Commentary: Not the same old, same old
At first, the article in The Jerusalem Post last week seemed like the same old, same old: A picture of a ransacked Israel Defense Forces post in the West Bank. Then a quote from Defense Minister Moshe Yaalon: “The State of Israel will not tolerate such criminal activity, which is terrorism in all respects.” Those Palestinians will never quit.
Oh, wait a minute. Yaalon wasn’t talking about Palestinian terrorists. He was talking about Jewish terrorists, renegade settlers, who slashed the tires of an IDF jeep parked in the settlement of Yitzhar, after Israeli soldiers came to demolish illegal buildings. “Settlers clashed with security forces during Monday night’s demolition and lightly injured six officers,” The Post reported. “A group of 50 to 60 settlers then raided an army post located to the west of the settlement, destroying generators, army equipment, heaters and diesel fuel tanks.” Israel’s Justice Minister Tzipi Livni warned that extremist settlers had crossed a line: “An ideology has flourished that does not recognize the rule of law, that does not recognize us or what we represent.”
These small stories tell a bigger one: We’re not dealing anymore with your grandfather’s Israel, and they’re not dealing anymore with your grandmother’s America either. Time matters, and the near half-century since the 1967 war has changed both of us in ways neither wants to acknowledge — but which the latest impasse in talks only underscores.
Israel, from its side, has become a more religious society — on Friday nights in Jerusalem now you barely see a car moving on the streets in Jewish neighborhoods, which only used to be the case on Yom Kippur — and the settlers are clearly more brazen. Many West Bank settlers are respectful of the state, but there is now a growing core who are armed zealots, who will fight the IDF if it tries to remove them. You did not go to summer camp with these Jews. You did not meet them at your local Reform synagogue. This is a hard core.
But even the more tame settlers are more dominant than ever in the Likud Party and in the Israeli army officer corps. It is not a fiction to say today that the Likud prime minister, Bibi Netanyahu, represents the “center” of Israel’s right-wing bloc. And it is not an accident that Israel’s housing minister, Uri Ariel, who comes from a pro-settler party to the right of the Likud, approved a tender for 700 homes in Jerusalem’s Gilo neighborhood, across the Green Line — just as Secretary of State John Kerry’s peace talks were coming to a head. As Minister Livni, Israel’s chief negotiator, put it: “Minister Ariel purposefully and intentionally did what he did to torpedo” the peace talks.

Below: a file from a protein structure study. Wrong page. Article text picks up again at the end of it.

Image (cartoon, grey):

There are now about 350,000 Jews living in West Bank. It took 50,000 Israeli police and soldiers to remove 8,000 settlers from Gaza, who barely resisted. I fear the lift in West Bank to make peace there is now just too heavy for conventional politics and diplomacy. The only way settler resistance can be trumped would be by a prime minister, and an Israeli majority, who were really excited about the prospects for peace or truly frightened of the alternative.
But I do not believe Netanyahu will ever be anything other than ambivalent. And his ambivalence is reinforced by many factors: Israel today is so much more powerful, economically and militarily, than the Palestinians; Israeli (and Palestinian) security forces have effectively shut down Palestinian suicide bombers and the Israel lobby in Washington has effectively shut down any pressure from the White House or Congress. Israel has never been so insulated.
But these are not your grandfather’s Palestinians either. There is a young generation emerging that increasingly has no faith in their parents’ negotiations with the Jews, have no desire to recognize Israel as a “Jewish state” and would rather demand the right to vote in a one-state solution.
At the same time, America has changed. There was a time in the 1970s and 1980s when the fate of the Middle East was critical to our economy. After all, there had been an Arab oil embargo in 1973. And, strategically, the Middle East was seen as the arena most likely to trigger a U.S.-U.S.S.R. nuclear war. Peacemaking in Henry Kissinger’s day was a necessity. Today it is a hobby. It is not an unimportant hobby: If Israelis and Palestinians go back to war, it surely would make an unstable region more unstable, creating myriad difficulties for the U.S. But urgent? America will become the world’s largest oil producer by 2015, and the Soviet Union no longer exists.
ACT OF FRIENDSHIP
The truth is Kerry’s mission is less an act of strategy and more an act of deep friendship. It is America trying to save Israel from trends that will inevitably undermine it as a Jewish and democratic state.
But Kerry is the last of an old guard. Those in the Obama administration who think he is on a suicide mission reflect the new U.S. attitude toward the region. And those in Israel who denounce him as a nuisance reflect the new Israel.
Kerry, in my view, is doing the Lord’s work. But the weight of time and all the changes it has wrought on the ground may just be too heavy for such an act of friendship. If he folds his tent, though, Israelis and Palestinians will deeply regret it, and soon.